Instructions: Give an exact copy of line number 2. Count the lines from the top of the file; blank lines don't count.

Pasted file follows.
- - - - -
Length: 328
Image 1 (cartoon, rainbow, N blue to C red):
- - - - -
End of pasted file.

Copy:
Image 1 (cartoon, rainbow, N blue to C red):